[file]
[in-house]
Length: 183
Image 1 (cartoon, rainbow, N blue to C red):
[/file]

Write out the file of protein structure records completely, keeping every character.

[in-house]
Length: 183
Image 1 (cartoon, rainbow, N blue to C red):